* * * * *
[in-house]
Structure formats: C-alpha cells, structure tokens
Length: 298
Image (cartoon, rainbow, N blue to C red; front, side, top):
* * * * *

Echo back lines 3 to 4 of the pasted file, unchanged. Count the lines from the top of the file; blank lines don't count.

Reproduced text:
Length: 298
Image (cartoon, rainbow, N blue to C red; front, side, top):